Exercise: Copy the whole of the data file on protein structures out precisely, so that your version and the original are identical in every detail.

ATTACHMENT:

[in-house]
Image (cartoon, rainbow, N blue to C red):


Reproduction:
[in-house]
Image (cartoon, rainbow, N blue to C red):